Leo Tolstoy Smacks Christopher Hitchens ~ BitterSweetLife

Wednesday, June 27, 2007

Leo Tolstoy Smacks Christopher Hitchens

Vociferous, published atheist Christopher Hitchens knows a good book when he reads one. Or when he skims one. Or when he sees a good-looking cover. Or something.

I recently noticed that Mary Graber has taken Hitchens to task, gently pointing out that "Best-selling atheist authors are capitalizing on a wave of ignorance and stupidity." As evidence, she offers a paragraph from Hitchens' God is Not Great:

"We are not immune to the lure of wonder and mystery and awe: we have music and art and literature, and find that the serious ethical dilemmas are better handled by Shakespeare and Tolstoy and Schiller and Dostoyevsky and George Eliot than in the mythical morality tales of the holy books."

Sounds good, except that Shakespeare, Tolstoy and Dostoyevsky were each overtly theistic. Since I just finished Leo Tolstoy's 820-page masterpiece, Anna Karenina, I thought I'd dish up a few quotes. Incidentally, the "serious ethical dilemmas" that Hitchens mentions do exist in Tolstoy--they just center on the emptiness of materialism, the folly of people who abandon themselves wholly to "reason," and the irrepressible need for faith in the human heart. But check for yourselves.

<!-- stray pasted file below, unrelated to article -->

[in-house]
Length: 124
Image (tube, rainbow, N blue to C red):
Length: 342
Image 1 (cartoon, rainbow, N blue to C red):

Late in the book, Tolstoy comments on how easy it is to bury God since God is dead never existed in the first place:
“Lord, have mercy, forgive us, help us!” he repeated words that somehow suddenly came to his lips. And he, an unbeliever, repeated these words not just with his lips. Now, in that moment, he knew that neither all his doubts, nor the impossibility he knew in himself of believing by means of reason, hindered him in the least from addressing God. It all blew off his soul like dust. To whom was he to turn if not to Him in whose hands he felt himself, his soul and his love to be? - Leo Tolstoy, Anna Karenina, 709
A little later, Tolstoy weighs in on how completely atheism fills the God-shaped malleable vacuum in the human heart:
The question for him consisted in the following: “If I do not accept the answers that Christianity gives to the questions of my life, then which answers do I accept?” And nowhere in the whole arsenal of his convictions was he able to find, not only any answers, but anything resembling an answer. He was in the position of a man looking for food in a toymaker’s or a gunsmith’s shop. - Leo Tolstoy, Anna Karenina, 786
And finally, Tolstoy conveys the remarkable existential clout that accompanies the atheistic answer non-answer to life's first order questions: